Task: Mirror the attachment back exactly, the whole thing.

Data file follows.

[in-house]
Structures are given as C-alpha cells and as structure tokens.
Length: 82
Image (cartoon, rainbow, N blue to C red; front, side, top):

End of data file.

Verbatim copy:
[in-house]
Structures are given as C-alpha cells and as structure tokens.
Length: 82
Image (cartoon, rainbow, N blue to C red; front, side, top):